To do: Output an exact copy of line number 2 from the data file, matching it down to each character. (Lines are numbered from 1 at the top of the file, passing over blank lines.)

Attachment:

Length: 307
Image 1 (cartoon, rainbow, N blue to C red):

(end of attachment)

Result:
Image 1 (cartoon, rainbow, N blue to C red):